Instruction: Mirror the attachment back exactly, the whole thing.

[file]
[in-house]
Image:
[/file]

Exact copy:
[in-house]
Image: